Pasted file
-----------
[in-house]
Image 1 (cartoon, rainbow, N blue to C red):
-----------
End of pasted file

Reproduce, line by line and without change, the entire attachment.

[in-house]
Image 1 (cartoon, rainbow, N blue to C red):